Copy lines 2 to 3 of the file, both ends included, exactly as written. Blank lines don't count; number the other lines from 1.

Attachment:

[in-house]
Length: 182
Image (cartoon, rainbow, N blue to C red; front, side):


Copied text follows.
Length: 182
Image (cartoon, rainbow, N blue to C red; front, side):